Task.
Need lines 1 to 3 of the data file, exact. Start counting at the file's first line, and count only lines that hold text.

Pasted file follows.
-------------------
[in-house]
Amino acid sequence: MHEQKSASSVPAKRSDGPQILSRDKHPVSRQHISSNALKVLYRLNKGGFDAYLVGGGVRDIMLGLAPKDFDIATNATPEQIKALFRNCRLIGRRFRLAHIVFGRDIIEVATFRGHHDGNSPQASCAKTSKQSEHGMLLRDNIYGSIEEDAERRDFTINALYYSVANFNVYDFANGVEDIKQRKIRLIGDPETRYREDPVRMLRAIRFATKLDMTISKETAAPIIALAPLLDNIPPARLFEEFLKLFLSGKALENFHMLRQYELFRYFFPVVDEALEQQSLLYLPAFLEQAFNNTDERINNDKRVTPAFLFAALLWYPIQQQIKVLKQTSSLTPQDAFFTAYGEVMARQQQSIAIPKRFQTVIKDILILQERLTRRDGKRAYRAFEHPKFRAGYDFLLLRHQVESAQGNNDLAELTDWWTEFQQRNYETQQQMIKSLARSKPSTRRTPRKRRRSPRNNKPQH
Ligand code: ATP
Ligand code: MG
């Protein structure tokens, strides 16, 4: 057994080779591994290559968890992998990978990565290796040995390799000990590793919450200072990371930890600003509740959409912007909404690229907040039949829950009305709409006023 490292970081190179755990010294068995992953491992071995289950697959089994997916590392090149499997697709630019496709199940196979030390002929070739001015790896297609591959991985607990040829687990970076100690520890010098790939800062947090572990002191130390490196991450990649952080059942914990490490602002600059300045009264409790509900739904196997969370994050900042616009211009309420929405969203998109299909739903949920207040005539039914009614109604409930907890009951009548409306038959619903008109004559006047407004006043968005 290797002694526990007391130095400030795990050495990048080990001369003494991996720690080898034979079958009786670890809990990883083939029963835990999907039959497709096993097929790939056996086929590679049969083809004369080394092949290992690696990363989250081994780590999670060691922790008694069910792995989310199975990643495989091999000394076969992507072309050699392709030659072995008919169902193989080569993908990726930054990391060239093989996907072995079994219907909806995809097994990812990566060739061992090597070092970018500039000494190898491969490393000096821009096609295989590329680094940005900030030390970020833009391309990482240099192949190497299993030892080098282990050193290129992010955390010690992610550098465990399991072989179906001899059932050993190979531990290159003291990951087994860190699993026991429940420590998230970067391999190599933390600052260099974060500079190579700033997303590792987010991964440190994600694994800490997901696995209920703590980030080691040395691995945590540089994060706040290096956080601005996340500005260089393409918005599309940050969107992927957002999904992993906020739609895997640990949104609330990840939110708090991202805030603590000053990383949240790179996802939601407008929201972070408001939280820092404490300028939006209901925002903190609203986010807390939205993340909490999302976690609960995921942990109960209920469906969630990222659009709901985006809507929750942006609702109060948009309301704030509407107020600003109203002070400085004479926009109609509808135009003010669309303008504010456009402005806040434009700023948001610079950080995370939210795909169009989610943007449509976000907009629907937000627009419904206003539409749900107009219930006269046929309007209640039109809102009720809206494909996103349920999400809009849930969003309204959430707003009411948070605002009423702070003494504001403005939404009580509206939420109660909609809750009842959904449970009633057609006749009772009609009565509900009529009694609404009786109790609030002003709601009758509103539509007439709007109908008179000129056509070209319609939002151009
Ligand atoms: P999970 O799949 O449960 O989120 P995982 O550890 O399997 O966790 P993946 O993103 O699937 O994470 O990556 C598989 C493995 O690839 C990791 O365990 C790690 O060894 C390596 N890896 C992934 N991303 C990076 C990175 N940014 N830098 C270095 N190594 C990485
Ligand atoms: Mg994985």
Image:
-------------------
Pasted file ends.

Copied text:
[in-house]
Amino acid sequence: MHEQKSASSVPAKRSDGPQILSRDKHPVSRQHISSNALKVLYRLNKGGFDAYLVGGGVRDIMLGLAPKDFDIATNATPEQIKALFRNCRLIGRRFRLAHIVFGRDIIEVATFRGHHDGNSPQASCAKTSKQSEHGMLLRDNIYGSIEEDAERRDFTINALYYSVANFNVYDFANGVEDIKQRKIRLIGDPETRYREDPVRMLRAIRFATKLDMTISKETAAPIIALAPLLDNIPPARLFEEFLKLFLSGKALENFHMLRQYELFRYFFPVVDEALEQQSLLYLPAFLEQAFNNTDERINNDKRVTPAFLFAALLWYPIQQQIKVLKQTSSLTPQDAFFTAYGEVMARQQQSIAIPKRFQTVIKDILILQERLTRRDGKRAYRAFEHPKFRAGYDFLLLRHQVESAQGNNDLAELTDWWTEFQQRNYETQQQMIKSLARSKPSTRRTPRKRRRSPRNNKPQH
Ligand code: ATP